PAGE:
Reading has always been a contentious and political practice, but this is heightened in the contemporary moment both because of the way the environments in which we read are changing so radically. For Katherine Hayles reading is “a powerful technology for reconfiguring activity patterns in the brain” [Hayles 2010, 193], a view representative of attempts to connect the new neuroscience of reading with age old practices of literary endeavour. For Sven Birkerts, however, “the Internet and the novel are opposites” [Birkerts 2010], a view that suggests that a hierarchy of reading that locks digital readers out of higher order thinking and literary experience. Meanwhile, Anne Mangen finds that electronic reading environments “negatively affect emotional aspects of reading” [Mangen 2016]. But these approaches tend to understand reading as something static that occurs in one space or another. However, in practice our reading is increasingly distributed. Reading can occur in multiple formats, across multiple platforms for the one text or reading experience. A novel begun in print can be read online in a born-digital format and concluded in a scanned digital format, for example. These journeys across platform require deeper investigation. If we think of the printed book as an interface between two orders of thinking, we need to consider how the experience of reading a digitized version of a formerly printed and bound book alters literary reception and student experience. How does the experience of reading across different technological platforms change the reader’s relationship to the content? As more and more electronic reading platforms take on the physical attributes of material reading experiences either by retaining material traces or by emulating them, we might question what experience How do the material traces left on digitised works impact the reading process for reading in literary studies? The lively discourse surrounding Google Books and the human breaches of the material into the immaterial, as the work crosses the borders of formats and interfaces, raises valuable questions about the future of the book, reading in the twenty-first century, and the long and formidable shadow that centuries of material text production casts over Google Books’ electronic utopia. This paper uses both book history and new media interface theory to consider the multitude of diverse experiences that is literary reading across different platforms in and out of the classroom and to consider whether distracted reading can be better understood as distributed reading. It considers critical infrastructure studies as a useful framework through which to think about reading in the digital age.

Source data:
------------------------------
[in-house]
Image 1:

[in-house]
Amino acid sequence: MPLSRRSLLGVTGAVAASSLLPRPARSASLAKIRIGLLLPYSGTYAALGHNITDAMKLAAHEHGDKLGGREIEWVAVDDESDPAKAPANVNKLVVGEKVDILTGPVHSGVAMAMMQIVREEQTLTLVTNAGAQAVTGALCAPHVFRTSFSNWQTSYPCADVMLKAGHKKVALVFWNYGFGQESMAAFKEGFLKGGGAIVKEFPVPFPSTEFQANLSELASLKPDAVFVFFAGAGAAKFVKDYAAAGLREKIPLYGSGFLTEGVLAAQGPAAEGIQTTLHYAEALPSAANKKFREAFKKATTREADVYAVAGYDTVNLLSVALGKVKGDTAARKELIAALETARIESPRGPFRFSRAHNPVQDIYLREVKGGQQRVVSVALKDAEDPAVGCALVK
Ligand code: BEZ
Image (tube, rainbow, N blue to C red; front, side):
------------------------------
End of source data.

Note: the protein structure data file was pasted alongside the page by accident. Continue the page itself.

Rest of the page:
- Digital age
- digital humanities